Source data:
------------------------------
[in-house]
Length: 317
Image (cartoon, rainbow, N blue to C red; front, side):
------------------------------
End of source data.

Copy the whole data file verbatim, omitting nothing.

[in-house]
Length: 317
Image (cartoon, rainbow, N blue to C red; front, side):